Three Math Dash games are available—one for Addition and Subtraction, one for Multiplication and Division, and one for Equivalent Fractions. Math Dash is a bit like Connect Four and other games where you have to line up four squares in a row to win—in this case on a game board. Math Dash makes it more challenging by putting numbers on each square on the fold-out, full-size game board. The games are sturdy and attractive with full-color printing throughout.
I received the Multiplication and Division game for review, so that is what I will describe. Each player gets a stack of small square cards printed with either multiplication or division facts up through 12 x 12 = 144. Cards are printed in eight sets of 48 cards each with each set a different color. Up to eight people can play at one time. Players who haven’t yet mastered division can be given a set of multiplication fact cards rather than division, but it really doesn’t matter whether a player has division facts or multiplication facts. For multiplication problems, players identify a missing multiplier. For division, players identify the quotient. Since those missing numbers are from the same set of integers, those are the numbers on the board.
The cards are sturdy, thick game pieces that should stand up to a lot of handling. You’ll need to separate them from their sheets when you open the game. You’ll want to be able to quickly choose decks of the same colored cards equal to the number of players. So, you’ll want to keep the colors separate between games. A good way to do that is to rubber band each stack together then store them in the box sections where they fit nicely.
With only two players, you might want to increase the difficulty by requiring five squares in a row to win. You can easily vary winning “patterns” as you can with bingo games—four corners, a square, or some other geometric configuration, as well as by changing the number of covered squares in a row.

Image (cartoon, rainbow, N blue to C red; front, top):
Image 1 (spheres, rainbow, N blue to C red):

Students only need to solve one math problem per turn, so that makes Math Dash easier than games where students need to consider multiple math problems to make a move. Yet the game should play relatively quickly, depending upon the number of players, so students should get plenty of math practice. Answer keys are on the underside of each box.
Strategy comes into play as students consider the probability of being able to complete their sequences in different rows or diagonal lines. They also have to think about blocking opponents’ moves as you do in Tic-Tac-Toe.
The Addition and Subtraction version has numbers up through 12 on the board. It has students compute the sum or the difference. For the subtraction problems, that means that students might be subtracting numbers from 1 – 0 = 1 up through 18 – 6 = 12. Addition problems work from 1 + 0 = 1 up through 12 + 0 = 12. As with the Multiplication and Division game, younger students might be given only addition facts cards if they don't yet understand subtraction.
Equivalent Fractions works at a level appropriate for most fourth and fifth graders since it deals only with simple fractions and the number 1. Fraction denominators are 2, 3, 4, 5, 6, 9, 10, 12, 15, 16, and 18. Players’ cards might show non-reduced fractions OR pictures of squares divided into fractional parts with a certain number of squares colored in so that students make a visual match.
Math Dash makes a great family game since the strategic elements make it fun to play even for older children and parents who probably have already mastered their math facts while it serves as a fun tool for drill and reinforcement for younger students.
(Note: This is a different game than Learning Resources Math Dash game which is played more like Scrabble.)